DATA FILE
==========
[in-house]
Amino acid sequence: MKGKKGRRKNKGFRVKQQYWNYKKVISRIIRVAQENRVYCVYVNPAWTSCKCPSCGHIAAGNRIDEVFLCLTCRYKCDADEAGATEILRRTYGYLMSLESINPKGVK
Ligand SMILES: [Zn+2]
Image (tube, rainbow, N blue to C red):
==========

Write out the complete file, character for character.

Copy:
[in-house]
Amino acid sequence: MKGKKGRRKNKGFRVKQQYWNYKKVISRIIRVAQENRVYCVYVNPAWTSCKCPSCGHIAAGNRIDEVFLCLTCRYKCDADEAGATEILRRTYGYLMSLESINPKGVK
Ligand SMILES: [Zn+2]
Image (tube, rainbow, N blue to C red):